Killer Resumes for the 21st Century
There it is, your ideal job, hanging in the air like some unattainable brass ring. One problem. You have to dust off your resume, and oh yeah, you have no idea how to write one. You ascend into your attic stepping over family albums until you find what you are looking for, a square, burgundy briefcase with rusted brass hinges. After shooing away a family of spiders and carefully moving the digits to 000, you open Al Capone’s vault. There it sits in all of its former glory, 6 pages long, complete with cover letter and 2 appendices. Add your new job, and you’re pretty much done, right?
What Is A Resume?
Let’s start with a what a resume is not. A resume is not a job description or a job history. A resume is not a transcript. A resume is an objective selling document. That means it is a factual document devoid of opinions or pesky adverbs about how you bravely led the troops. You are in competition with other people. It stands to reason that bullets which will give you a competitive advantage should be added, and bullets that include repetitive and boring minutiae that is true for everyone who holds your job should be removed. Competitive advantage bullets include accomplishments, increased revenue, decreased costs, saved time, changed lives, customer relationships, market share. You get the idea.
Writing a solid tight resume with substantial selling points is the preparation you need to deliver these points in an interview. Ever notice that the best resumes are frequently the best interviewers?
How To Sell
Human nature is to focus on our own wants and needs. This is how we survived as a race of people avoiding sabre-toothed tigers and such. Your success in the 21st century, however, is predicated on solving other people’s problems. Make no mistake, companies don’t hire because they have an opening. Companies hire because they have a problem.
Put yourself in the hiring manager’s shoes, and solve her problem. Think about the struggles she likely faces such as competition, internal politics, goals, staffing, legacy and customers. How will you lighten her load and solve her problems? How could you over-deliver beyond her expectations?
How Not To Sell
If selling is about solving other people’s problems, then what’s the opposite? That would be focusing on your own problems. I need. I’m looking for. What I want is….If this is all you think about, you’re going to struggle. Don’t get me wrong, this might work for the run-of-the-mill mediocre jobs, but if you want to win that brass ring, you must start thinking like a winner.
The Last Ten Years
Your resume should build like a majestic crescendo into your current role. It shouldn’t peak fifteen years ago with a steady decline since then. This is the problem with the briefcase resume. It’s lazy. In some cases, it is acceptable to delete all positions over ten years old. If you are in a profession where pedigree matters (like an accountant working for Big 4), simply list job title and company without any description for positions over ten years old.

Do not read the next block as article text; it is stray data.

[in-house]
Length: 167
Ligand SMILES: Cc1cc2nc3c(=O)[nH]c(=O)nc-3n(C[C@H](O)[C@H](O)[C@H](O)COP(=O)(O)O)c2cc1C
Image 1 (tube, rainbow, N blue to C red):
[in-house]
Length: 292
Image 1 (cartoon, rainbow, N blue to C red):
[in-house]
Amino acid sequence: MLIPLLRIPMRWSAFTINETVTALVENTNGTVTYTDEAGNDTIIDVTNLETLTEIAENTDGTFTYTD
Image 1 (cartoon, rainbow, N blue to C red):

People put a lot of time into cover letters. Only one problem, nobody reads them. That’s right. For the most part, cover letters are inauthentic and canned. Instead of a cover letter, try to find an authentic way to connect to your hiring authority. Be sophisticated. Use the internet and social media, and find a way to creatively connect. Google is your friend.
Objectives are on the endangered species list. You’ll hear strong arguments about this. The problem is that objectives highlight what you want and not what they want. See “How Not To Sell”.
Paragraph format is a major no-no. We do bullets now, brief power statements beginning with a verb. The giant list of skills is also a major turn-off, because employers have no means to weigh how long you used them.
Fancy resume formats are mildly useful if you are trying to get a creative job. My rule is that any format that distracts from the content looks amateurish. When it comes to format, nobody cares, so don’t waste time on it. Find one you like and move on.
Cut all “ly” words from your resume. Nothing annoys a manager like cheap sales talk in the form of exaggerated adverbs. It is also assumed that everything on your resume is done by you. Please don’t start your bullets with “I”. “I prepared, I presented, I am responsible for” turn into “Prepared, Presented, Responsible for.”
My goal in writing this piece is to affect people in a very measurable way. Remember, when it comes to resumes, most people aren’t experts. In the land of the blind, the one-eyed man is King. Do me a favor, if you got something out of this article, let me know. Now go get that brass ring!
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Jeremy Bennett has been interviewed by Crain's and the Houston Chronicle. He is the CEO of J Bennett Recruiting, a boutique Retained Executive Search Firm that specializes in Healthcare. He is a father of two and connoisseur of West Coast IPA’s.